This turned up 29 cases in 65 years which corresponds to a TC coming within 75 nm of Bermuda every 2.25 years. For this period, the median date of a TC within 75 nm of Bermuda is September 11th, with an inter-quartile range (ie. the range that includes 50% of the cyclones) from August 15th to September 27th. This coincides with the peak in Atlantic Hurricane Season Activity which is around September 10th.

Of the three main genesis regions for all Atlantic TCs, the area between the Bahamas and Bermuda (SWATL), and the Main Development Regions (MDR) are responsible for cyclones that pass near Bermuda. No cyclones that formed in the Caribbean between 1950 and 2014 tracked within 75 nm of Bermuda – however, there have been cases where a cyclone has formed in the Caribbean and tracked near Bermuda prior to 1950. For all Atlantic TCs, the Caribbean is the most frequent genesis location, meanwhile the SWATL and the MDR each had less TC formation than the Caribbean, but had similar numbers between the two. For TCs that passed near Bermuda, about two times more formed in the SWATL than in the MDR.

If we class the SWATL as west of 60W, and the MDR east of 60W, then we see that the cyclones that form in the SWATL are on average weaker than those that form in the MDR by the time they pass within 75 nm of Bermuda. On average, the cyclones that formed in the SWATL passed Bermuda with maximum sustained winds near 53 kts (strong tropical storm strength), while those that formed in the MDR passed Bermuda with maximum sustained winds near 77 kts (hurricane strength).

Genesis Locations
The genesis locations of TCs that passed within 75 nm of Bermuda with maximum sustained winds over 34 kts, between 1950 and 2014. The red and white bulls-eye over the SWATL is where the majority of Bermuda TCs form. A secondary peak in genesis is in the MDR.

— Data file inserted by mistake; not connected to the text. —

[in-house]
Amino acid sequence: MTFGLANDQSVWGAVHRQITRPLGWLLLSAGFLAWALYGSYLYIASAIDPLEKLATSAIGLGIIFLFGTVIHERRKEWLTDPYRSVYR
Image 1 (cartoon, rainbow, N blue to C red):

The tracks of TCs that pass near Bermuda are generally straightforward: if they form in the SWATL they either get picked up by strong mid-latitude flow and propelled northeastward toward Bermuda, or they meander in the area and dissipate. However, if they formed in the MDR, they track west-northwestward around the Bermuda-Azores high, then recurve to the north into a weakness in the Bermuda-Azores ridge near Bermuda’s longitude. Because TCs that form in the MDR often have days over warm open waters, they tend to be stronger by the time they make it to Bermuda, whereas TCs that form in the SWATL are already very close to the island and so don’t have as long to strengthen before passing. These SWATL cyclones are often also afflicted by dry continental airmasses from North America.

Bermuda Tracks
The track density plot of the 29 tropical cyclones that passed within 75 nm of Bermuda from 1950 to 2014.

With the 2015 Atlantic Hurricane Season now under way, please keep an eye to the tropics through the National Hurricane Center‘s and the Bermuda Weather Service‘s forecast and warning products. With lower that normal sea surface temperatures through the MDR, warmer than normal sea surface temperatures in the SWATL, and an El Nino in place to increase wind shear across the MDR – it is quite possible that the SWATL will be more active than normal. This increases the chances for a TC to pass near Bermuda this season.